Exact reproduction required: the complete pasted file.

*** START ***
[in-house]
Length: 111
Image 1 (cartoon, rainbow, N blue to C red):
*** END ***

[in-house]
Length: 111
Image 1 (cartoon, rainbow, N blue to C red):